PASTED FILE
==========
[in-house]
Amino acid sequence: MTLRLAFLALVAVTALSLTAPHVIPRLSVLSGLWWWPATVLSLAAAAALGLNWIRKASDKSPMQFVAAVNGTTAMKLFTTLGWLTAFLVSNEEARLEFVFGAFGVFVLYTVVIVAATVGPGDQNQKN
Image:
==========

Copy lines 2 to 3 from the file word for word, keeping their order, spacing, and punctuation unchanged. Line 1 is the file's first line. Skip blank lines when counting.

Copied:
Amino acid sequence: MTLRLAFLALVAVTALSLTAPHVIPRLSVLSGLWWWPATVLSLAAAAALGLNWIRKASDKSPMQFVAAVNGTTAMKLFTTLGWLTAFLVSNEEARLEFVFGAFGVFVLYTVVIVAATVGPGDQNQKN
Image: